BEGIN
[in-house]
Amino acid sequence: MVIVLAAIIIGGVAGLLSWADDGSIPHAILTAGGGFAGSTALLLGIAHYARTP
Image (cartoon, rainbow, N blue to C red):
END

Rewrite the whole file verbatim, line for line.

[in-house]
Amino acid sequence: MVIVLAAIIIGGVAGLLSWADDGSIPHAILTAGGGFAGSTALLLGIAHYARTP
Image (cartoon, rainbow, N blue to C red):